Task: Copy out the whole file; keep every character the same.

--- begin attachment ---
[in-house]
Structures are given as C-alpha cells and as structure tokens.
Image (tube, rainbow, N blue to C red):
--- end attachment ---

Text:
[in-house]
Structures are given as C-alpha cells and as structure tokens.
Image (tube, rainbow, N blue to C red):